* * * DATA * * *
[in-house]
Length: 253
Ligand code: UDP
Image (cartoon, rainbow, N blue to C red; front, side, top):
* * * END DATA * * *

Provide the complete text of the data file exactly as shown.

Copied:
[in-house]
Length: 253
Ligand code: UDP
Image (cartoon, rainbow, N blue to C red; front, side, top):